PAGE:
GLOBAL – Watson Wyatt has estimated the average funding level in the global pensions industry at 80%.

And Roger Urwin, the firm’s investment head, says that some funds’ bond/equity split may need adjusting.

“According to Watson Wyatt, the global pension fund balance sheet had lost 40% of its value between 1999 and 2002 and now estimates an average global funding level of 80%, on a market value basis,” the firm said in a statement.

It was “considerable ongoing strain for corporate cash flows for at least the next five years”. This is the conclusion of its ‘Global Investment Review 2004’ released today.

According to Watson, the pension funds in the UK are running the highest value at risk, or VaR measure of all the major pension markets - an average of 20%. This compares to 19% in the US and the Netherlands. Swiss funds are at 16% with Japan and Canada at 11% and Australian funds on 10%.

“Our research would indicate that these are rather high levels of risk for many companies to be taking in a non-core area of business and that some funds’ bond/equity split may need to_be adjusted in order to reduce this to more acceptable levels,” said Watson’s global head of investment practice Roger Urwin.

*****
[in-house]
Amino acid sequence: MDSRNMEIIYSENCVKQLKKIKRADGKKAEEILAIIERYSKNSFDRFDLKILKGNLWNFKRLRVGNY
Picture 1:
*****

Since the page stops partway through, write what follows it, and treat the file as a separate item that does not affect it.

“Companies and trustees clearly have some difficult decisions to make in terms of adjusting the risk profile of their pension fund, largely determined by their weighting in equities, to best address not only their liabilities but also their funding shortfall.”

Urwin added: “Given the state of pension fund balance sheets around the world, there has never been a more important time to maximise returns where possible, which is probably why long-term absolute return mandates are proving popular with pension funds.

Another attractive element of this approach is that it should foster a longer and more fruitful relationship between investment managers and pension funds.”